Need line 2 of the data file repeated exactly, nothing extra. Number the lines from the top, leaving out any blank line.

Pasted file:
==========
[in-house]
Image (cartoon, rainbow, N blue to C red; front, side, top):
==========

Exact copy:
Image (cartoon, rainbow, N blue to C red; front, side, top):